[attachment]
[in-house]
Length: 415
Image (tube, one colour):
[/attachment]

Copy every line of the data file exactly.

[in-house]
Length: 415
Image (tube, one colour):